Aimée 3: a visit to Dresden

Yes, OK, not literally, more of a metaphorical excursion!

Screen shot 2015-01-15 at 12.57.08 PM Screen shot 2015-01-15 at 12.57.46 PM Screen shot 2015-01-15 at 12.58.24 PM Screen shot 2015-01-15 at 12.58.56 PMThe corner squares for the final border on Aimée are the design known as Dresden Plate. Normally, with this design there’s a lot more border and less central plate. In this context, I prefer the look of the simple ‘daisy face’ version I’ve done here, much more plate-like in my opinion!

I don’t produce my Dresden Plates the usual way, by machine stitching a vertically-folded piece of fabric up one side and pressing it flat so the seam runs up the centre back, giving you two folded side edges. I make mine the EPP way, with fabric stitched over a stiff paper template. This is one I’ve used many times before, having drafted it by hand originally.

The 3″ fabric square is stretched and folded over the template with the curved edges on the bias of the fabric, so that the curves can be eased a little. As usual, I don’t cut the fabric to size, I trim it out afterwards if necessary. I find having a little extra to fold over and manipulate makes life easier.

The ‘daisy petals’ are whip-stitched together up their side seams, forming a ring, which is then appliquéd to the background fabric. Mark the centre of the background with a pin to assist with placing the ring centrally.

Once that’s done, insert the fabric for the centre of the plate between the ring and the background through the centre – again, I use a square, it’s more forgiving if you want to move things round a little. Pin in place, and appliqué round the inner edge of the ring, being careful not to pass the needle through both layers of background fabric, just the plate centre. Once it’s all stitched, trim carefully ¼” from the stitching on the back of the panel, cutting out the daisy shape from the background fabric and the circle from the plate centre fabric.  Press carefully, then unpick all the template basting and pop the templates out. Job done.

Must get on, I have three more to do.

Advertisements

22 thoughts on “Aimée 3: a visit to Dresden

  1. tialys says:

    I love that coral and grey combination – it would work well with clothing too I’m thinking. Which French General range is it, can you remember? Or was the FG the central squares only?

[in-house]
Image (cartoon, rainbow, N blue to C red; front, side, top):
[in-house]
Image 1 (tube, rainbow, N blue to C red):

• katechiconi says:

      Aaargh! I can’t remember. You have to bear in mind this fabric was bought nearly 3 years ago. I’m confident the centre is French General Panier de Fleurs and Petite Ecole, plus 3 Sisters Etchings. I’ve got a feeling the coral and grey is 3 Sisters for Moda – hang on, I’ll go and check. Scuffle, scuffle, yep, here it is, the range is called Oasis. In daylight, the grey is very warm, almost buff, so be aware of that if you want to use it.

  2. I like this Dresden, and your method is so well described that my fingers are itching to start sewing! I wondered if it would work without the central circle, relying on a well-chosen background fabric to do the job?

    • katechiconi says:

      It was a close thing whether I actually used the central circle. It looks very nice in other applications without a separate centre panel. Some time ago, I produced a quilt called Morning Tea at the Quilting Bee, which you can see on my Chiconian Quilts page, just scroll down quite a bit. This featured a variety of dresden plates all around the outside edge, and here I simply left the middles the same white on white spot as the background. It works well, I think.

  3. Kirsten says:

    I love those rings, they are so pretty. Knowing me I would be hoola-hooping them up my arm before attaching them!

    • katechiconi says:

      Ahem, so it’s OK to confess I wrapped one round my neck to see if it made a nice collar…? It did look very pretty, but didn’t lie properly, in case you were wondering.

      • Kirsten says:

        Definitely okay!
        You might need to remove a couple of the plates to make it work as a collar – love the idea, it would be a little like a Peter Pan collar, only scalloped slighty!

      • katechiconi says:

        Yes, you need to remove at least one, and probably redraw the whole thing to make the centre circle large enough to fit comfortably round your neck. But it was cute.

  4. That is so lovely – have never appliqued before….time to try soon!

    • katechiconi says:

      Not hard at all, and such a pretty result, it’s worth a go. Even if you find it’s not for you, you end up with a cute block you can use for a cushion or as part of a sampler quilt.

  5. I LOVE how this is coming along…..I may try a quilt this way very soon.

    • katechiconi says:

      It’s a nice way to work. Intuitive and spontaneous. There’s no ‘wrong’ way, whatever you produce can be integrated, and best of all, the only rule is that you use up what you have in the stash. It looks as if the only fabric I’ll have to buy is the backing.

  6. I have a lovely pattern called Bloom that uses this shape Dresden. I like it so much I have the original pattern and a recent magazine/book that republishes it. It is on my ‘one day’ list.

  7. rutigt says:

    Thanks for “the tutorial”. It´s so cute, your flower. Maybe one day I do something similar 🙂
    Gun, Sweden

  8. pattisj says:

    Wow. Nice work on the Dresden Plate.

Leave a Reply

Fill in your details below or click an icon to log in:

WordPress.com Logo

You are commenting using your WordPress.com account. Log Out / Change )

Twitter picture

You are commenting using your Twitter account. Log Out / Change )

Facebook photo

You are commenting using your Facebook account. Log Out / Change )

Google+ photo

You are commenting using your Google+ account. Log Out / Change )

Connecting to %s